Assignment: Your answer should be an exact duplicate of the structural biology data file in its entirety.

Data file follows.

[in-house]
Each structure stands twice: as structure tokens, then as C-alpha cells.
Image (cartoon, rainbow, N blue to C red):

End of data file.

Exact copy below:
[in-house]
Each structure stands twice: as structure tokens, then as C-alpha cells.
Image (cartoon, rainbow, N blue to C red):